Building social value through public sector procurement

What is social value? 

TPPL’s Phil Williams, procurement expert comments:

‘Social value’ shapes how limited resources are allocated to deliver a wider collective benefit to communities.  Public sector bodies are well placed to manage their social value and have the necessary reach to make a difference.  In addition, they have an obligation to consider social value in all threshold services tenders – this was implemented by the Public Services (Social Value) Act 2012. As a result, they must look beyond the price of each individual contract and consider how procured services improve the economic, social and environmental well-being of an area.

Themes of supportive measures could include:

  • Jobs and growth through skills and employment, including helping people into work/gain access to training and opportunities
  • Local, regional business resilience
  • Active, healthy and resilient local communities
  • Environmental sustainability, including helping customers and suppliers achieve carbon zero.

As the divide between rich and poor increases, and the effects of climate change heighten, the importance of embedding social value in a seamless way has never been more urgent. Organisations that invest to create social value make it a strategic priority, and working to influence the behaviour of others can have a huge impact.

How can you positively impact social value?

There are key steps you can take to positively impact social value from not only services, but all contracts.

  1. It is critical to consider social value from the outset, take a lead on defining what you envisage achieving and don’t just leave it to suppliers to guess what you want.
  2. Consider what the supplier has access to/ability to provide without inherently adding difficulty or excessive cost.
  3. Ensure the outputs are measured (can you explain how to measure them?)
  4. Use a recognised framework; for example, TOMs (https://socialvalueportal.com/national-toms/), to drive an overarching organisational approach and embed social value objectives into your corporate strategy

Who benefits from social value in building materials procurement?

Social value funds linked directly to value of purchases can be used to invest in variety of projects that benefit customers or the wider community. Below are some examples:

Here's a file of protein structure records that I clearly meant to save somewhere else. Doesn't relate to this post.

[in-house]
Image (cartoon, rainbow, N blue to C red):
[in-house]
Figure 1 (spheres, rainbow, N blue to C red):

• Funding improvements to local facilities;
  • PAT testing of recycled white goods;
  • Digital training programmes for digitally excluded tenants;
  • Funding/racking/collection of donations for food banks;
  • Funding installation of defibrillators in the community;
  • Training and apprenticeships are available and can be targeted directly at customers or sections of the local community to provide increased employment opportunities;
  • Volunteering time.

Is the value additional, or is it embedded into the service itself?

For building materials, there’s an opportunity for social value to be integrated into the service -including funds linked directly to the amount of expenditure such as apprenticeships, training/work placements. Additional value can be delivered through volunteering, employability skills and community projects; for example donation of materials or tools.

How can you support suppliers in achieving outcomes with the most value?

There are three key ways to provide strategic support:

  1. By being reasonable with expectations – this is linked to understanding what the supply-chain is in question (in this case building materials) has easy access to; for example:
    1. Building Materials & tools
    2. Staff/resources
    3. Facilities (e.g. branches and meeting rooms)
  1. Identifying your objectives/themes and any upcoming projects that they could support.
  2. Ensuring suitable ongoing contract management, to work with the supplier(s) and help ensure objectives are delivered.

Which communities benefit most?

  • The local communities living in (or near to) the housing stock managed by the registered provider:
    • Vulnerable tenants
    • Individuals with lower levels of employability
    • Wider communities who access local facilities which receive improvements/funding.

James Brennan, Managing Director at TPPL comments:

‘TPPL supports members procuring via our solutions to achieve desirable Social Value outcomes bespoke to their requirements. We understand objectives vary greatly for members, therefore we advise on how contracting authorities achieve realistic outcomes proportionate to the procurement project undertaken. Between 2019-2020 TPPL generated £74,000.00 for members via materials contracts, allowing them to strategically reach their financial objectives across the social value spectrum’.

Find out more about how TPPL can assist with social housing building materials procurement.